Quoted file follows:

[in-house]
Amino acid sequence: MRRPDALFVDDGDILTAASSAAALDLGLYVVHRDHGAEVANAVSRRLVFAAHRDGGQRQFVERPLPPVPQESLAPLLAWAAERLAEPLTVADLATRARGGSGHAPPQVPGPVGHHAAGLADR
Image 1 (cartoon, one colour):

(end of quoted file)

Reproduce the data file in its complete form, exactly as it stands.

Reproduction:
[in-house]
Amino acid sequence: MRRPDALFVDDGDILTAASSAAALDLGLYVVHRDHGAEVANAVSRRLVFAAHRDGGQRQFVERPLPPVPQESLAPLLAWAAERLAEPLTVADLATRARGGSGHAPPQVPGPVGHHAAGLADR
Image 1 (cartoon, one colour):